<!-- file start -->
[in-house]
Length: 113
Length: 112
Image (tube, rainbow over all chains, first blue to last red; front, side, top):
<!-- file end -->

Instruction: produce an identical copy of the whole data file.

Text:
[in-house]
Length: 113
Length: 112
Image (tube, rainbow over all chains, first blue to last red; front, side, top):